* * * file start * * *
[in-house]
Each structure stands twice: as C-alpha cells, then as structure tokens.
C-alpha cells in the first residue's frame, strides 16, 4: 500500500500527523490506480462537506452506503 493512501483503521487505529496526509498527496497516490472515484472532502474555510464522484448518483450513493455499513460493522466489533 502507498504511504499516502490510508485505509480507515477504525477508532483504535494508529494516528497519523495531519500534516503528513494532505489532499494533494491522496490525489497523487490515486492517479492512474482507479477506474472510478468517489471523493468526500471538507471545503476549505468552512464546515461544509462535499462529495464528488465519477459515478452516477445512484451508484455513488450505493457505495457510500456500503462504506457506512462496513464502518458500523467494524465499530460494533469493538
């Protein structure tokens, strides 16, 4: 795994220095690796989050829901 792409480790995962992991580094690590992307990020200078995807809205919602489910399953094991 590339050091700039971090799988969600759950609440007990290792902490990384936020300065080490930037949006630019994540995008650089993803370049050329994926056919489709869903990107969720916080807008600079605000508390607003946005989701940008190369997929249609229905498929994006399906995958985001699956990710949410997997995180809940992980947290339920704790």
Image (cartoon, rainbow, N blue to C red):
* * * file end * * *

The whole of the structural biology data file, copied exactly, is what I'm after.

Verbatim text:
[in-house]
Each structure stands twice: as C-alpha cells, then as structure tokens.
C-alpha cells in the first residue's frame, strides 16, 4: 500500500500527523490506480462537506452506503 493512501483503521487505529496526509498527496497516490472515484472532502474555510464522484448518483450513493455499513460493522466489533 502507498504511504499516502490510508485505509480507515477504525477508532483504535494508529494516528497519523495531519500534516503528513494532505489532499494533494491522496490525489497523487490515486492517479492512474482507479477506474472510478468517489471523493468526500471538507471545503476549505468552512464546515461544509462535499462529495464528488465519477459515478452516477445512484451508484455513488450505493457505495457510500456500503462504506457506512462496513464502518458500523467494524465499530460494533469493538
């Protein structure tokens, strides 16, 4: 795994220095690796989050829901 792409480790995962992991580094690590992307990020200078995807809205919602489910399953094991 590339050091700039971090799988969600759950609440007990290792902490990384936020300065080490930037949006630019994540995008650089993803370049050329994926056919489709869903990107969720916080807008600079605000508390607003946005989701940008190369997929249609229905498929994006399906995958985001699956990710949410997997995180809940992980947290339920704790």
Image (cartoon, rainbow, N blue to C red):